For many organizations, the audit scramble is a reality, but with the constant threats, this is no longer an acceptable security approach. The new standard will force many companies to take a new approach, moving away from compartmentalized security. Too often, a department would have specific technical controls for which they were responsible. However, that will no longer be acceptable. From a customer impact perspective, they’re going to look at this as a need for either centralizing the idea of compliance and security within the organization. So, if they don’t already have a GRC team, they might need to think about forming one. If they don’t look at operational processes as part of their security and compliance state, they will want to think about that.
Will the Audit Process Change as a Result of PCI 4.0?
An audit usually represents a point-in-time snapshot of an organization’s compliance state. Typically, the process consisted of seeking justification to prove a particular system met the standard. This was often achieved with a random sample of the devices and systems that were in scope.
Much of the evidence gathering will probably remain the same. The change will take place in how an organization can prove how a process is in compliance. The data collection method will play a key role in this. I anticipate that there will probably be more emphasis from the auditors on identifying the business processes based on the additional requirements in PCI 4.0.
Organizations should expect that if they do not have clear written, documented, approved, dated, history tracked, business process documents defining how they go about their compliance, they are going to find that their audits become more strenuous and difficult to pass.
Cardholder Data has been upgraded to Account Data
Another interesting change in the wording in the new standard is that information is no longer referred to as “cardholder data.” This has been changed to “account data.” While this may seem trivial, there is a difference between cardholder and account data. Account data is a very generalized term. This has broader implications for an organization. For example, data that is stripped of card number information is still subject to the new standard. It is no longer acceptable to store this stripped data without the same protections as the full data set. This could increase the scope of most PCI audits.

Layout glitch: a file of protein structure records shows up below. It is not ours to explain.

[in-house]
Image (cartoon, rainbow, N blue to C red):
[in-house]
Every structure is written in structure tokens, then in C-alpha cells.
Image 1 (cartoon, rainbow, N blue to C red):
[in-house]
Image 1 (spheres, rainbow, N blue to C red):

Adding Zero Trust into the Standard
Zero Trust Architecture has grown in adoption since the previous version of the PCI DSS was released in 2018. The latest version of the standard makes room for Zero Trust approaches to authentication and authorization with allowances for a “dynamically analyzed” security posture. This can serve as a mechanism for providing “real-time access to resources” as an alternative to rotating passwords. Keeping up to date with best practices in cybersecurity is important in order to avoid organizations downgrading security to maintain compliance.
How Tripwire Can Help
Like most of the security industry, the PCI Security Standards Council is following the approach that compliance is something that must be proven every day–this is an attainable goal. Products such as Tripwire Enterprise, as well as File Integrity Monitoring can help your organization to meet the PCI 4.0 standard well before the deadline. Whether your needs are to comply with Requirement 11 using FIM, or to expand configuration monitoring throughout your environment, Tripwire can help.
Interested in getting more out of your PCI compliance efforts? Learn how to use the transition to PCI 4.0 as leverage to maximize the security value of your compliance budget.
Join us to learn about the five key changes in the recent PCI 4.0 update that can help your organization leverage compliance to become more secure, and learn how Tripwire can help you minimize the work associated with PCI audits.